BUSINESS Boeing to complete 747 production in 2022


Boeing to complete 747 production in 2022


07:16, July 30, 2020


Australia's national airline Qantas's last Boeing 747 passenger jumbo jet flies out from Sydney, Australia, on July 22, 2020. (Photo: Xinhua)

SAN FRANCISCO, July 29 (Xinhua) -- Boeing will complete production of the iconic 747 in 2022, the company's president and CEO Dave Calhoun said on Wednesday.

"While our 767 and 747 rates remain unchanged, in light of the current market dynamics and outlook, we'll complete production of the iconic 747 in 2022," Calhoun said in a letter to employees, adding that the company will continue to support 747 operations and sustainment well into the future.

According to Calhoun, the pandemic's impact on the aviation sector continues to be severe. The pressure on commercial customers means they are delaying jet purchases, slowing deliveries, deferring elective maintenance, retiring older aircraft and reducing spend, "all of which affects our business and, ultimately, our bottom line. While there have been some encouraging signs, we estimate it will take around three years to return to 2019 passenger levels."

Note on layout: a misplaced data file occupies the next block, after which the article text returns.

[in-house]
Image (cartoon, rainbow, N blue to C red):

"Unfortunately, it's become clear that we need to make further adjustments based on the prolonged impact of COVID-19," he said. The changes include further lowering commercial airplane production rates.

The Boeing Company on Wednesday reported second-quarter revenue of 11.8 billion U.S. dollars, GAAP loss per share of 4.20 dollars, and operating cash flow of 5.3 billion dollars, primarily reflecting the impacts of COVID-19 and the 737 MAX grounding.

In Commercial Airplanes Programs, Boeing delivered a total of 20 aircraft in the second quarter of 2020. The delivery included two 777Fs to China Southern Airlines in May. The backlog included over 4,500 airplanes valued at 326 billion dollars.

"These past few months have been unlike anything we've seen. The pandemic's effect on our communities and industry is ongoing. And the challenges we face as a company are still unfolding," Calhoun noted.

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